28. If the evil were only limited to the parents not giving their children any beneficial counsel, then the evil would not be so great. But you, parents, induce your children to do the opposite. Actually, when fathers convince their children to study sciences, you can hear in the course of their conversation none other than the following words: So-and-so, they say, is a low-born man of meager means, who perfected himself in eloquent speech and received a very high position, acquired a large property, took a rich wife, built a marvelous house, and has become fearsome and famous to all. Another says: So-and-so learned Latin, shines in the royal court and wields great influence there. Yet another points to someone else, and they all speak only of those who are glorified on earth. But of those who are glorified in heaven no one recounts; and even if one should recount them, he would be watched as a man who disturbs everything. Thus, when you instill this in your children from an early age, you teach them nothing other than the basis for all the vices, planting in them the two most savage passions— that is, love of money, and the even more blameworthy passion of vainglory. Each of these passions by itself can disorder everything in the child; but when they are both rooted together in the tender soul of a youth, then like two united stormy fronts, they destroy everything good and produce so many thorns, sand and dust that they make the soul fruitless and incapable of anything good. How do you think your son can escape the devils snares when he is young—living in Egypt, or among the devils army, not hearing a beneficial word from anyone, and seeing that everyone, especially his parents and educators, are leading him to the opposite? How could he do it? With the help of your admonitions? But you suggest the opposite to him and, not allowing him to think about love of wisdom even in his sleep, to the contrary constantly occupy him with the present life and its gain, and only assist him in his drowning. Or does it happen by itself? Absolutely not; a youth does not have the strength by himself to perfect himself in the virtues, and if something good is born in him, then this good is more likely to perish than grow under the torrent of your words. For just as the body cannot live long if it feeds on harmful food, so also the soul, when it receives such suggestions, cannot think about something good and great; no, being disturbed and weakened as if by some infection, it will finally inevitably go down to gehenna and perish.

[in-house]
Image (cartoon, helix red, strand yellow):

29. For you, as though you were intentionally destroying your children, order them to do exactly those things which make it impossible to be saved. Look first of all (at what is written). Woe, it is said, unto you that laugh (Lk. 6:25), but you give your children a multitude of causes for laughter. Woe unto you that are rich (Lk. 6:24), but it is your chief concern that they get rich. Woe unto you when all men shall speak well of you (Lk. 6:26), but you often spend all your living for the sake of human glory. Again, he who maligns his brother is in danger of hellfire (Mt. 5:22), but you consider anyone who silently bears offensive words from others to be weak and cowardly. Christ commands us to avoid fights and arguments, but you are constantly occupying your children with these evil affairs. He commanded in many circumstances to pluck out your eye if it leads to evil (cf. Mt. 5:29), but you especially befriend those who can give you money, even though they may be teaching extreme depravity. He commanded not to put away ones wife unless it be for adultery (cf. Mt. 5:32), but when you see that money can be had, you order that this commandment be disdained. He absolutely forbade oaths (cf. Mt. 5:34), but you even laugh when you see that this ban is observed. He that loveth his life, the Lord said, shall lose it, Jn. 12:25), but you do all you can to draw children into this love. If ye forgive not men their trespasses He says, neither will your heavenly Father forgive your trespasses (Mt. 6:15), but you even criticize your children when they do not want to take revenge upon their offenders, and try to bring them to a state where they will want to do this. Christ said that if you do anything out of vainglory—fasting, praying, or almsgiving—it is all done to no effect (cf. Mt. 6:1), but you only try to arrange that your children receive praise. But why enumerate everything? If these vices already named are able not just collectively but even separately to prepare a thousand gehennas, and you, having gathered them together and laid this unbearably heavy bundle of sins on your children, send them with it to the lake of fire; how can they save themselves, carrying so much food for the fire?